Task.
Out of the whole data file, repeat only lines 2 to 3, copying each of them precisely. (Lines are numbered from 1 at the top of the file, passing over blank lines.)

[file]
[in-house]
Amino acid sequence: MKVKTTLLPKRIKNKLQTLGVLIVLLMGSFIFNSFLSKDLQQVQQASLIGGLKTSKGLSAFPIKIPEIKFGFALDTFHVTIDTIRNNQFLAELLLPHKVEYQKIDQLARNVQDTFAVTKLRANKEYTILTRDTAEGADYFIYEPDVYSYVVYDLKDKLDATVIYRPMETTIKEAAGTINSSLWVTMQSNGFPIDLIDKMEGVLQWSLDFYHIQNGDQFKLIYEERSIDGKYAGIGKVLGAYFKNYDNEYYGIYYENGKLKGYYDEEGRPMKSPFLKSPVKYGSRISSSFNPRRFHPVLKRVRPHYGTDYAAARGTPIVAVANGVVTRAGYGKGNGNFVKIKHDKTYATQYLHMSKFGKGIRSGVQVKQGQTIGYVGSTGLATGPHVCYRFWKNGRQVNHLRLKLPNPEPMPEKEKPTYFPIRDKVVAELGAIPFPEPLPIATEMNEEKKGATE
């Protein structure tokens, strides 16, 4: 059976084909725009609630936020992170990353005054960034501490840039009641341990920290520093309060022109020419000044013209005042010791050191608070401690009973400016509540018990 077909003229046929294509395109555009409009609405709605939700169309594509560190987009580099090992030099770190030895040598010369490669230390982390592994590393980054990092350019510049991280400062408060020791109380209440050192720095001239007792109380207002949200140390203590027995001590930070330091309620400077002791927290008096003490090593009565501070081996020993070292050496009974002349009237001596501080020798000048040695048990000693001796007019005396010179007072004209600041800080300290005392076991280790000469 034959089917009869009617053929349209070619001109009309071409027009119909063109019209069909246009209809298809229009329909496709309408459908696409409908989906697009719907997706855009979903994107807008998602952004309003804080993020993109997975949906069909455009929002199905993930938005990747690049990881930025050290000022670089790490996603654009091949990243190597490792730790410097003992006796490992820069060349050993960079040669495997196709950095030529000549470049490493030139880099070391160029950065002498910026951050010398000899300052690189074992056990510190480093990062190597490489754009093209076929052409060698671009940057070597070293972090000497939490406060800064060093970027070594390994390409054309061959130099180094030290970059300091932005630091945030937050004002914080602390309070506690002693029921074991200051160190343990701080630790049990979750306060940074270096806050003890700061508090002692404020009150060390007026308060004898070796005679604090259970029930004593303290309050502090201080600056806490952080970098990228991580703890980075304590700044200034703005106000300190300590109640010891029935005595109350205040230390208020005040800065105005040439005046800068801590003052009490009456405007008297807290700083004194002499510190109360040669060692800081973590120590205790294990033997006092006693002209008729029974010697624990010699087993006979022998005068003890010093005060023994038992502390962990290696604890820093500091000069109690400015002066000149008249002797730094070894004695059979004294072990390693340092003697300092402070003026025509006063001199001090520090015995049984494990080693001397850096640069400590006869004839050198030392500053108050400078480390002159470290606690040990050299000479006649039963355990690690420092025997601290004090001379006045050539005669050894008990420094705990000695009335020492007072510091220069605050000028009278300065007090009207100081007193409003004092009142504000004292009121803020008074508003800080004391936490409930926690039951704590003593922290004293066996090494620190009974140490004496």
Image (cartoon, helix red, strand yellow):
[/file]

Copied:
Amino acid sequence: MKVKTTLLPKRIKNKLQTLGVLIVLLMGSFIFNSFLSKDLQQVQQASLIGGLKTSKGLSAFPIKIPEIKFGFALDTFHVTIDTIRNNQFLAELLLPHKVEYQKIDQLARNVQDTFAVTKLRANKEYTILTRDTAEGADYFIYEPDVYSYVVYDLKDKLDATVIYRPMETTIKEAAGTINSSLWVTMQSNGFPIDLIDKMEGVLQWSLDFYHIQNGDQFKLIYEERSIDGKYAGIGKVLGAYFKNYDNEYYGIYYENGKLKGYYDEEGRPMKSPFLKSPVKYGSRISSSFNPRRFHPVLKRVRPHYGTDYAAARGTPIVAVANGVVTRAGYGKGNGNFVKIKHDKTYATQYLHMSKFGKGIRSGVQVKQGQTIGYVGSTGLATGPHVCYRFWKNGRQVNHLRLKLPNPEPMPEKEKPTYFPIRDKVVAELGAIPFPEPLPIATEMNEEKKGATE
């Protein structure tokens, strides 16, 4: 059976084909725009609630936020992170990353005054960034501490840039009641341990920290520093309060022109020419000044013209005042010791050191608070401690009973400016509540018990 077909003229046929294509395109555009409009609405709605939700169309594509560190987009580099090992030099770190030895040598010369490669230390982390592994590393980054990092350019510049991280400062408060020791109380209440050192720095001239007792109380207002949200140390203590027995001590930070330091309620400077002791927290008096003490090593009565501070081996020993070292050496009974002349009237001596501080020798000048040695048990000693001796007019005396010179007072004209600041800080300290005392076991280790000469 034959089917009869009617053929349209070619001109009309071409027009119909063109019209069909246009209809298809229009329909496709309408459908696409409908989906697009719907997706855009979903994107807008998602952004309003804080993020993109997975949906069909455009929002199905993930938005990747690049990881930025050290000022670089790490996603654009091949990243190597490792730790410097003992006796490992820069060349050993960079040669495997196709950095030529000549470049490493030139880099070391160029950065002498910026951050010398000899300052690189074992056990510190480093990062190597490489754009093209076929052409060698671009940057070597070293972090000497939490406060800064060093970027070594390994390409054309061959130099180094030290970059300091932005630091945030937050004002914080602390309070506690002693029921074991200051160190343990701080630790049990979750306060940074270096806050003890700061508090002692404020009150060390007026308060004898070796005679604090259970029930004593303290309050502090201080600056806490952080970098990228991580703890980075304590700044200034703005106000300190300590109640010891029935005595109350205040230390208020005040800065105005040439005046800068801590003052009490009456405007008297807290700083004194002499510190109360040669060692800081973590120590205790294990033997006092006693002209008729029974010697624990010699087993006979022998005068003890010093005060023994038992502390962990290696604890820093500091000069109690400015002066000149008249002797730094070894004695059979004294072990390693340092003697300092402070003026025509006063001199001090520090015995049984494990080693001397850096640069400590006869004839050198030392500053108050400078480390002159470290606690040990050299000479006649039963355990690690420092025997601290004090001379006045050539005669050894008990420094705990000695009335020492007072510091220069605050000028009278300065007090009207100081007193409003004092009142504000004292009121803020008074508003800080004391936490409930926690039951704590003593922290004293066996090494620190009974140490004496």